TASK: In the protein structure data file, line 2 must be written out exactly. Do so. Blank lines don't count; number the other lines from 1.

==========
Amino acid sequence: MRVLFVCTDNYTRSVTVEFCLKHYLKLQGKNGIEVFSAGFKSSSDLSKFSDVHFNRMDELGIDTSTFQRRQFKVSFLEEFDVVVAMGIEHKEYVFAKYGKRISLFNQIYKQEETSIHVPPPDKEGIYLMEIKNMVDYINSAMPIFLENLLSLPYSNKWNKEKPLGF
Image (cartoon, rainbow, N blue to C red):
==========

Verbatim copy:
Image (cartoon, rainbow, N blue to C red):